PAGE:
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The world has moved on from Simone Biles, Michael Phelps and Ryan Lochte. The must-see television spectacle that was the 2016 Rio Olympics is in our collective patriotic rear view mirrors. And yet, the Olympics aren’t over, not for thousands of athletes down in Rio competing in the Paralympic Games.
The 2016 Paralympic Games feature 23 different sports, from archery to cycling to sitting volleyball to judo to wheelchair basketball, tennis, fencing and, yes, rugby. The Games include 534 unique events over 11 days, starting today, with participants from 161 countries down in Brazil for the Rio Games. A total of 4,167 athletes slated to compete.
Per TeamUSA.org, there are 286 Americans competing in the Paralympic Games this year, with 18 coming from hometowns in Pennsylvania, Delaware and New Jersey. More locally, there aren’t too many competitors down in Rio, with just one — Track & Field racer James Senbeta — calling Philly home.
Senbeta, who now resides in Savoy, Illinois with several other Paralympic competitors, is an alum of Penn Wood High School in Landsdowne. He studied at the University of Illinois from 2011 to 2014, graduating with a degree in Agriculture and Biological Engineering.
Senbeta will be competing in three events in Rio: the Men’s 5000m T53/54 on Sunday September 11, the Men’s 800m T54 on Thursday September 15, and the Men’s Marathon T52/53/54 on Sunday, September 18. The T54 classification under which Senbeta competes is for those athletes with “limb deficiency, leg length difference, impaired muscle power or impaired range of movement.”
On his Team USA page, Senbeta boasts a course record at the 2014 New Balance Falmouth Road Race and a fifth place finish in the 2013 LA marathon among his career highlights.
A self-proclaimed Philly sports fan, Senbeta wrote a bit for Bleacher Report in the late Aughts, and called Randall Cunningham his first sports hero.
Another local competitor in Rio is swimmer Michelle Konkoly, who was born in Bryn Mawr and calls Eagleville, Pa. home.
Konkoly, who graduated from Georgetown with a degree in Biology in 2014 after attending Methacton HS in Eagleville, is competing in the 50m freestyle and 100m freestyle swimming events in Rio. She competes under the S9 and SB8 classifications, which “athletes in this sport class, for example, swim with joint restrictions in one leg or with double below-the-knee amputations.” The 100m freestyle heats and finals are on Monday, September 12, while the 50 meter freestyle heats and finals are on Tuesday, September 13. She is also slated to race in two relays.
Konkoly, who now lives and trains in Naples, Florida, is the world record holder in the 50m free and won silver in the 50m and 100m free at the 2015 World Championships. An able-bodied swimmer in high school, Konkoly fell out a five-story window of a dorm at Georgetown, injuring her spine, while also sustaining a broken foot and punctured lung.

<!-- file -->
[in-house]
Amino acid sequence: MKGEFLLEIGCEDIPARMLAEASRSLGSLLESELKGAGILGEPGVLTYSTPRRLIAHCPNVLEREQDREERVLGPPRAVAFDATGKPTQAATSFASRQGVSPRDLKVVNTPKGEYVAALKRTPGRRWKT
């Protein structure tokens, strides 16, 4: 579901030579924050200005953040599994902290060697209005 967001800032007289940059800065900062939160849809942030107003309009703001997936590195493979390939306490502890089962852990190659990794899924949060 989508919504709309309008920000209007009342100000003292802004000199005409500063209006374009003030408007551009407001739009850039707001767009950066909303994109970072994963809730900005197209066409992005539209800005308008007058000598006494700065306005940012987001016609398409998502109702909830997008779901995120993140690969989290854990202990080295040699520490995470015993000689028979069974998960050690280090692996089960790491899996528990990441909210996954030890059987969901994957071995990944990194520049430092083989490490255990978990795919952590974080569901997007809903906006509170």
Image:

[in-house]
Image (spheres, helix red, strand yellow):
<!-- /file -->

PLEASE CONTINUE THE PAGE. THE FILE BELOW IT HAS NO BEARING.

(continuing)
Three other athletes are from the Philly area, including Noga Nir-Kistler of Allentown, Margaret McIntosh of Reading and Andrew Jenks of Wilmington, Delaware.
Nir-Kistler is a three-time Paralympian who won a bronze medal in the 100m breaststroke in London in 2012. She competes in the 50m freestyle, the 100m freestyle, the 100m breaststroke and the 50 meter butterfly under the S6 and SB5 classification, which includes, “swimmers with short stature or amputations of both arms, or moderate co-ordination problems on one side of their body, for example.
In 2008 Nir-Kistler competed in Beijing…in table tennis. In 2010 she switched to swimming, and two years later medaled in London. Now 37, she developed reflex sympathetic dystrophy in the nerves in her left hand when she was 20. Originally from Israel, she moved to Pennsylvania with her family at 17 and stayed to become a U.S. citizen when her parents moved back two years later.
McIntosh was born in Danville, Pa. and calls Reading home, though she went to high school in Massachusetts and graduated from Cornell in 1976. In 2005, six years after falling off a horse in an equestrian event and breaking her neck that resulted in incomplete quadriplegia, McIntosh got her masters from Villanova. She has done a lot in her life, and now adds Paralympian to the list.
McIntosh has worked over the last 17 years to regain her mobility and competes in para-equestrian dressage as a Grad la competitor.
Jenks went to Brandywine HS in Wilmington and graduated from West Chester University in 2013 with a degree in political science. He got his masters in 2015 from Delaware in political science and international relations and is on pace to get his PhD in 2018. Jenks plays goalball, winning a bronze medal in the 2014 World Championships.
Jenks was born with incomplete achromatopsia, a hereditary congenital retinal condition that includes decreased vision, light sensitivity and partial color blindness.
On his Team USA bio page, Jenks wrote that he lives by the motto: “The world is your oyster so shuck it, put some hot sauce on it, and shoot it.”
Advice to live by, truly.
Here is a list of all the athletes from Pennsylvania, New Jersey and Delaware who are representing the United States in Rio this week.
[table id=Paralympics /]